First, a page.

Probiotics with a two-year shelf life?

By Alex McNally

- Last updated on GMT

Related tags Probiotics Probiotic

A €4.5m ($6.3m) investment in New Zealand firm EnCoate could help
it develop a technique to extend the shelf life of probiotics,
opening up the uses for the bacteria often found only in dairy

EnCoate is developing a unique family of biopolymers which stabilise microbes so that they can survive for long periods at room temperature. The company hopes that further research in this technique could help probiotics make their way into non-refrigerated foods, opening up the potential for scores of other applications. Probiotics are increasingly receiving more and more scientific backing as to their positive effects on gut health, but current technology has limited their uses and does not allow them to be mixed with moist or non-chilled ingredients, which considerably limits their scope. Most foods containing probiotic bacteria are found in the refrigerated section of supermarkets as the bacteria is destroyed by heat and other processing conditions. This has given the dairy sector, already used to handling live bacteria for the manufacture of yoghurt, a major advantage in probiotic foods - probiotic drinking yoghurts are currently the fastest growing dairy product in Europe. But increasing research has focused on expanding protecting probiotics during processing and expanding the food categories available to prebiotics. Such an avenue of research has led companies like Cell Biotech from Korea using a dual-coating to protect probiotics against oxygen, acid, moisture and high temperatures for use in emerging new product categories such as breakfast cereals and smoothies. Other approaches are also being explored, with scientists looking at improving probiotic viability by using whey protein gel particles, or prebiotic fibres. Indeed, scientists from the Technical Research Centre of Finland (VTT) investigated the capabilities of various prebiotic fibres to protect the stability and viability of probiotic Lactobacillus rhamnosus strains during freeze-drying, storage in freeze-dried form and after formulation into apple juice and chocolate-coated breakfast cereals. EnCoate has already released BioShield on the market which allows beneficial microbes to survive when used in field applications to control grass grub. But the EnCoate biopolymer has much wider applications, the firm said yesterday, and this cash injection will finance the development of a revolutionary line of probiotic formulations that will enhance food products. The goal in mind for EnCoate is to develop probiotics and to extend the shelf life to two years at room temperature and humidity. EnCoate has developed a technology that can stabilise these microbes so they can be used to enhance foods such as breakfast cereals, infant milk-powders and dog-biscuits. Acting EnCoate chief executive Bridgit Hawkins said this investment opens a potentially huge global market for probiotic ingredients. She said: "The market for EnCoate's probiotic ingredients will be global manufacturers and marketers of non-chilled foods that are seeking to differentiate their products in the perceptions of health-conscious consumers." ​ The probiotic ingredient market is worth more than €437m ($600m), and is growing at a rate of 10 - 20% per annum, she said. AgResearch, which owns half of EnCoate, said the deal had the potential to double the market uses, enabling food manufacturers to extend the probiotics category from refrigerated foods to non-refrigerated products. AgResearch commercial services manager Dr Ian Boddy added: "What's more, EnCoate has potential beyond extending the shelf life of probiotics, with the core technology behind EnCoate being the biopolymer, which has applications in agricultural biology, food, seed coatings, and vaccines.​" The cash will come from BioPacificVentures, a €73m ($100m) fund which invests in life sciences, managed by Auckland firm Direct Capital in collaboration with the global Inventages group.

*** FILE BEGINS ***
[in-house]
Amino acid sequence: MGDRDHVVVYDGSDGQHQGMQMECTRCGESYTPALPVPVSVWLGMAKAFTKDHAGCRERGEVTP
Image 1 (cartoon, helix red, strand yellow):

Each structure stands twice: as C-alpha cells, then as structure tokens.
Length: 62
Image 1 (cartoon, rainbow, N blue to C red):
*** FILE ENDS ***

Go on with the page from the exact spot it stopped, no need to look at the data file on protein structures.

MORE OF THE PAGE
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Content provided by ADM | 12-Mar-2024 | Infographic

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